There is an obvious symbiotic relationship between the two groups as the analytics solutions built by the project teams enable better organizational decisions that lead to better allocation of resources and better prioritization. This is similar to what Jim Collins calls “Turning the Flywheel.”
Organizational Knowledge Work
Wharton professor, Ethan Mollick, has done extensive research into the capabilities of ChatGPT and, subsequently, BingGPT and came away with some compelling use cases. He has also mastered the art of prompt writing to produce extraordinary results.
Initially a skeptic of AI, his opinion changed with the release of ChatGPT in November 2022. After a deep dive into the capabilities of ChatGPT and the eye-opening rate of adoption (the fastest technology to reach 100 million users), he noted that:
“The current situation is truly unprecedented. We are seeing widespread adoption of a technology that has the potential to significantly boost individual productivity, but which is not yet being fully utilized by organizations. Recent research is starting to show us just how big a deal this is.”
Below are excerpts from his blog on this topic covering tasks that knowledge workers engage in, emphasizing writing and coming up with new ideas. So, why is writing important in a business context and how will it produce better thinking and decision-making? Because writing forces you to think.
As Wired founder Kevin Kelly notes, “I write primarily to find out what I’ve been thinking, and I don’t know until I write it.” Amazon’s now famous “six-pager” memo requirement for meetings uses narrative description in place of PowerPoint to produce clearer thinking and better decision-making. Bezos explained the move to a narrative form of communication and away from presentations by noting that “…writing a good 4-page memo is harder than ‘writing’ a 20-page PowerPoint is because the narrative structure of a good memo forces better thought and a better understanding of what’s more important than what, and how things are related."(1)
According to Mollick, generative AI will help knowledge workers with the following:
Project-based Knowledge Work
Let’s move on to project-based work and look at the latest AI-powered enhancements to one of the most popular technical project management tools and the leading code repository.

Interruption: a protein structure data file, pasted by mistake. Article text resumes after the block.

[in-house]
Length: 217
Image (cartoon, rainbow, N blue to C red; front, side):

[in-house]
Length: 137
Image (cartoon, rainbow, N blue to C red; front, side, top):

Jira and Confluence, products from Atlassian, are two ubiquitous solutions for technical project management. Jira is an agile project management tool teams use to plan, track, release, and support software. Confluence is a team collaboration and knowledge management tool to help drive productivity in the software dev process. These tools facilitate constant feedback on the software development process and allow teams to adjust based on this feedback, such as slower-than-anticipated progress on a particular feature or the emergence of an issue related to data access.
Atlassian just announced the release of Atlassian Intelligence, which will use Open AI’s GPT-4 to create a “virtual teammate” capability embedded in their products. In Confluence, the company claims that “workers will be able to click on terms they don’t recognize in documents and find automatically generated explanations and links to relevant documents. They will also be able to type in questions and receive automated answers based on information stored in documents.” The latter capability would minimize the back-and-forth between team members. For Jira, the new AI features will allow users to take natural language queries and turn them into JQL and SQL.
An interesting takeaway is not only the improvements in speed (productivity) but what contributed to these gains: the reduction in grunt work and the repetitive tasks that drain cognitive energy that could be applied to higher-level problem-solving.
Similarly, eliminating the constant interruptions (often the norm for organizational knowledge work) by querying your “copilot” rather than your colleague might result in similar productivity gains seen with software developers. But the real gains won’t be just producing more output but allowing knowledge workers to stay focused on difficult tasks, getting into a “flow” state that will increase the quality and creativity of the output. From the GitHub research:
“Developers reported that GitHub Copilot helped them stay in the flow (73%) and preserve mental effort during repetitive tasks (87%). That’s developer happiness right there, since we know from previous research that context switches and interruptions can ruin a developer’s day, and that certain types of work are draining.”
As generative AI solutions roll out in organizations, barriers to sharing information will recede as unstructured data is available org-wide and accessible through these large language models (LLMs). As a result, we will move from the current state of desktop search to find documents to desktop queries to find answers, and ultimately to desktop tasking – assigning tasks your co-pilot executes.